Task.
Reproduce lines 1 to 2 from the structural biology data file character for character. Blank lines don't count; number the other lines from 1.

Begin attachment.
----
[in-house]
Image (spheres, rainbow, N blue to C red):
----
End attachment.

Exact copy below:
[in-house]
Image (spheres, rainbow, N blue to C red):